"Australian Fixed Interest" versus "International Fixed Interest" - an historical perspective and comparison

This article is one of a series of SuperMail articles by Colin Grenfell, who is a superannuation consultant and actuary and Associate Director of SuperEasy.

Each article compares the long term performance of two investment sectors, such as Australian Shares, International Shares, Listed Property or Fixed Interest, or financial indicators, such as the Consumer Price Index (CPI), Average Weekly Ordinary Time Earnings (AWOTE), 90 day Bank Bill Rates or 10 year Bond Rates.

This article compares the investment performance of portfolios of Australian Fixed Interest and International Fixed Interest securities over the 18 years from 30 June 1986 (when suitable data first became available for International Fixed Interest securities) to 30 June 2004. The Australian Fixed Interest portfolio is primarily invested in government bonds and contains no international securities. The International Fixed Interest portfolio is generally fully hedged back into Australian dollars. Both portfolios are revalued monthly based on market values.

First, let's examine what happened if $10,000 was invested in each of these two sectors at the start of the period, assuming that all investment income was reinvested back in each sector, as occurs with some managed investments:


The next table summarises the results:


$10,000 invested for 18 years

from 30/06/1986 to 30/06/2004:   


Fixed Interest


Fixed Interest


Accumulated to: $68,600 $63,200 $5,400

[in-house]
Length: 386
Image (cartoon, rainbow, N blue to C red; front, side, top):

Average annual

compound return


1st 9 yrs 

2nd 9 yrs  

18 yrs  










Standard deviation*

18 yrs   




                                         Source: Austmod historical returns before tax and fees


* The "standard deviation" indicates, for normally distributed investment returns, that  approximately: 

 (a) one-sixth of annual returns are less than (average - standard deviation) 

 (b) two-thirds are in the range (average - standard deviation) to (average + standard deviation) 

 (c) one-sixth of annual returns are more than (average + standard deviation).



The year by year investment performance for each year ending 30 June has been:


The annual returns for both portfolios were negative in the year ending 30 June 1994.   


In 9 of the 18 years the return for the Australian Fixed Interest portfolio exceeded that for the  International Fixed Interest portfolio. 


To give an indication of the trends in investment returns (and inflation) over the period, the next chart plots the four year moving average compound returns per annum.  The four year moving average compound rate of inflation per annum, based on changes in the CPI, is also shown.  


Disclaimer:   This article is intended to be a factual analysis of past investment returns.  It is not intended, nor is it to be regarded, as investment/securities advice.  It does not take into account whether any particular investment or type of investment is suitable for your individual circumstances.  It is strongly recommended that you seek professional advice before making any investment choice or decision.